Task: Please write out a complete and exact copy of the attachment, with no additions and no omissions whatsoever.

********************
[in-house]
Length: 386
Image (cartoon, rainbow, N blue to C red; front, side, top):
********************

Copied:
[in-house]
Length: 386
Image (cartoon, rainbow, N blue to C red; front, side, top):